Behavior is what I look at. Behavior is what I judge people by, if I am to judge them at all.
    Gordon, I urge you to take off your glasses of negativity, and put on a pair of lenses that only see the beauty and kindness of the world. Look for the good, there is lots of good and love in this world…because seeing the good will make u feel happy…
    I didn’t chose to be the race I am, so I think the same is true for you, gordon. Stop looking at peoples skin color and look at who they are, what their behavior is. I believe you will be pleasantly suprised, and your life will be enriched with blessings that you will never have by the limits of skin pigmentation..

    Gordon’s Neighbor

  17. I think that the Boeing “Don’t forget to turnout the lights,” era and redlining had the most impact on why the area became seemingly rundown and less to do with residents not caring. I’m sure that many cared for their homes immaculately while at the same time being denied access to credit and services taken for granted by others Thankfully a few folks remained and came to live here even then.

    Under these conditions the area was bound to eventually fall apart. Remember under red lining white and black folks and all others were not likely to receive the same terms for a mortgage if they were lucky enough to get one at all. In all other areas of the city people were able to receive mortgages to buy homes.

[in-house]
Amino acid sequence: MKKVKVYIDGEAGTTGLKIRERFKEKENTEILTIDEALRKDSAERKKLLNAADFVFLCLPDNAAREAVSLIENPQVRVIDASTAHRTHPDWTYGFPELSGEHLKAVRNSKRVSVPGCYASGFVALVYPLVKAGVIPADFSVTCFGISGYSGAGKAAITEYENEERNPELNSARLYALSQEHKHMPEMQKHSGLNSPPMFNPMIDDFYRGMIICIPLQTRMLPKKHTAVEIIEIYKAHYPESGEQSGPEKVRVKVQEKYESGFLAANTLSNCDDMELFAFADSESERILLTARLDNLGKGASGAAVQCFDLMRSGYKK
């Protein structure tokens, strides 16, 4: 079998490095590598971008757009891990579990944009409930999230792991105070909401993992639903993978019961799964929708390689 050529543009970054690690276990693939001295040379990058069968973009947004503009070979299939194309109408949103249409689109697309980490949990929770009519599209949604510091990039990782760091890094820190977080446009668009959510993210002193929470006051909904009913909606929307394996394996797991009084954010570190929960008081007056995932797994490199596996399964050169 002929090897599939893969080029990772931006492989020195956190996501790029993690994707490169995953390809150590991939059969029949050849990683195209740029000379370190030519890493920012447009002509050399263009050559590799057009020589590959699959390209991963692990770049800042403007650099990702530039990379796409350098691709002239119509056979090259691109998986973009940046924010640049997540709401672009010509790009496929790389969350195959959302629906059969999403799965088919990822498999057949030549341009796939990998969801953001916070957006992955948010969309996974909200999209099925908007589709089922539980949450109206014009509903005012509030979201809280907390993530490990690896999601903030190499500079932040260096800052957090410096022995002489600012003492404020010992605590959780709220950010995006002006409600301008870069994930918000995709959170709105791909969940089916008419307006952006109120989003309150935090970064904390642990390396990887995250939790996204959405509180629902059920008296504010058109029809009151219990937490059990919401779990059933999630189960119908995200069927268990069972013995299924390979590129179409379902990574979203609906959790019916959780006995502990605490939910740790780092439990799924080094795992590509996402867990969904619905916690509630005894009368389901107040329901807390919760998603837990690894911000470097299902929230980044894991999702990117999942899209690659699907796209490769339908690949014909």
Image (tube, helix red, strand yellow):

Just think about it for awhile and imagine the impact if homes in your area can’t as easily be bought or sold is combined with a drastic economic downturn where people are going to have to move and some are going to lose their homes. Who are the likely buyers? Speculators? Are speculators that motivated to care for the area. Many could care until they are ready to sell and seemed sometimes to use the fact that an area was run down due to their neglect to gain favor to do as they would with the neighborhood. Red lining defined: http://en.wikipedia.org/wiki/Redlining

  18. When you said “I used to go in Grocery Outlet” did you mean Rogers? the Outlet has only been there for a couple of years; it was Rogers for many years before that….

    and I find it awesome that in the Outlet the customers are black, brown, white, asian…..and English is not the only language you hear. That’s what I love about living in this neighborhood (since the late 70’s) – all the different kinds of people.

  19. Where do you live now gordon? Still at your mom’s or did you have to move to a blacker area so you don’t have to be around white people. For those that don’t know gordon, he used to be on public access doing a rap video show back in the 80’s or 90’s and was known for his somewhat anti-white views.

  20. When we wanted to buy a house back in 1996, we were living in Ballard. That’s where I wanted to stay. I liked it there, and it felt like home. But there was no way we could afford to buy a house in Ballard. We ended up buying a run-down house in the CD—it was a little out of our range—and moved in in 1997. Now this feels like home.

    I’m not sure what Mr. Curvey would have liked us to do. Try and find a black family to buy the house instead? Rent an apartment for the rest of our lives, because we couldn’t afford to buy a house in the neighborhood “where we belonged,” with the rest of “our kind”?